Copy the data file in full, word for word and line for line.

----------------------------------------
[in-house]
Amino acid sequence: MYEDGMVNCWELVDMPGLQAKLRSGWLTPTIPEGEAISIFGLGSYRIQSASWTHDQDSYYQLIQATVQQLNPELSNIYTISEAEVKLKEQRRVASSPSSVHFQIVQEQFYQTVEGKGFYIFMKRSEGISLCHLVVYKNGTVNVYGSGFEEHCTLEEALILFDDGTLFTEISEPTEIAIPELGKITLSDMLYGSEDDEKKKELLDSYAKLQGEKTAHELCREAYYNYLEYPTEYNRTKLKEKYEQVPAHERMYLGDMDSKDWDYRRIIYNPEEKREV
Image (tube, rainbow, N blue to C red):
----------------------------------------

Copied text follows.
[in-house]
Amino acid sequence: MYEDGMVNCWELVDMPGLQAKLRSGWLTPTIPEGEAISIFGLGSYRIQSASWTHDQDSYYQLIQATVQQLNPELSNIYTISEAEVKLKEQRRVASSPSSVHFQIVQEQFYQTVEGKGFYIFMKRSEGISLCHLVVYKNGTVNVYGSGFEEHCTLEEALILFDDGTLFTEISEPTEIAIPELGKITLSDMLYGSEDDEKKKELLDSYAKLQGEKTAHELCREAYYNYLEYPTEYNRTKLKEKYEQVPAHERMYLGDMDSKDWDYRRIIYNPEEKREV
Image (tube, rainbow, N blue to C red):